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Screening for Chlamydia trachomatis in Asymptomatic Women Attending Family Planning Clinics: A Cost-Effectiveness Analysis of Three Strategies

M. Rene Howell, MA; Thomas C. Quinn, MD; and Charlotte A. Gaydos, DrPH
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From Johns Hopkins University, Baltimore, Maryland; and the National Institute of Allergy and Infectious Diseases, National Institutes of Health, Bethesda, Maryland. Acknowledgments: The authors thank Wayne Brathwaite, Nicole Novak, Samantha Johnston, and the family planning clinicians for their support. Requests for Reprints: M. Rene Howell, MA, Johns Hopkins University, Division of Infectious Diseases, Ross Research Building, Room 1159, 720 Rutland Avenue, Baltimore, MD 21205. Current Author Addresses: Ms. Howell and Drs. Quinn and Gaydos: Johns Hopkins University, Division of Infectious Diseases, Ross Research Building, Room 1159, 720 Rutland Avenue, Baltimore, MD 21205.


Copyright ©2004 by the American College of Physicians


Ann Intern Med. 1998;128(4):277-284. doi:10.7326/0003-4819-128-4-199802150-00005
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Background: Screening women for Chlamydia trachomatis in family planning clinics is associated with a reduced incidence of chlamydial sequelae. However, the question of whom to screen to maintain efficient use of resources remains controversial.

Objective: To assess the cost-effectiveness of chlamydial screening done according to three sets of criteria in asymptomatic women attending family planning clinics.

Design: Cost-effectiveness analysis done by using a decision model with the perspective of a health care system. Model estimates were based on analysis of cohort data, clinic costs, laboratory costs, and published data.

Setting: Two family planning clinics in Baltimore, Maryland.

Patients: 7699 asymptomatic women who presented between April 1994 and August 1996.

Intervention: Three screening strategies-screening according to the criteria of the Centers for Disease Control and Prevention (CDC), screening all women younger than 30 years of age, and universal screening-were retrospectively applied and compared. All women were tested with polymerase chain reaction.

Measurements: Medical outcomes included sequelae prevented in women, men, and infants. Total costs included screening program costs and future medical costs of all sequelae. The incremental cost-effectiveness ratios of each strategy were calculated.

Results: Without screening, 152 cases of pelvic inflammatory disease would occur at a cost of $676 000. Screening done by using the CDC criteria would prevent 64 cases of pelvic inflammatory disease at a cost savings of $231 000. Screening all women younger than 30 years of age would prevent an additional 21 cases of pelvic inflammatory disease and save $74 000. Universal screening would prevent an additional 6 cases of pelvic inflammatory disease but would cost $19 000 more than age-based screening, or approximately $3000 more per case of pelvic inflammatory disease prevented. If the prevalence of C. trachomatis is more than 10.2% or if less than 88.5% of infections occur in women younger than 30 years of age, universal screening provides the greatest cost savings.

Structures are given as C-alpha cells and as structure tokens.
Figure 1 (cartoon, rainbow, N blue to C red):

Conclusions: These results suggest that age-based screening provides the greatest cost savings of the three strategies examined. However, universal screening is desirable in some situations. In general, screening done by using any criteria and a highly sensitive diagnostic assay should be part of any chlamydial prevention and control program or health plan.

Figures

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Figure 1.
Cost-effectiveness of age-based screening and universal screening at various prevalences of chlamydial infection.

Curve = (universal screening $) −(age-based screening $)/(universal testing pelvic inflammatory disease) −(age-based screening pelvic inflammatory disease). As the prevalence of chlamydial infection increases, the age-based screening strategy becomes less cost-saving relative to universal screening. At prevalences greater than 10.2%, universal screening prevents more disease and provides more cost savings than age-based screening. The break-even prevalence for all screening is 1.1%; this is the point at which screening by any criteria ceases to provide cost savings. PID = pelvic inflammatory disease.

Grahic Jump Location
Grahic Jump Location
Figure 2.
Screening strategy recommendations based on different prevalences of chlamydial infection and different sensitivities of age-based screening.

The line represents the break-even values for prevalence of chlamydial infection and sensitivity of age-based screening, where age-based screening and universal screening provide the same cost savings. For example, at prevalences greater than 4.5%, where age-based screening fails to identify more than 82.2% of infections occurring in the population, universal screening provides greater cost savings than age-based screening.

Grahic Jump Location

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